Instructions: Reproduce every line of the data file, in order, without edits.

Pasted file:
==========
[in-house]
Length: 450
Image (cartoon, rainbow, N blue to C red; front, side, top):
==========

[in-house]
Length: 450
Image (cartoon, rainbow, N blue to C red; front, side, top):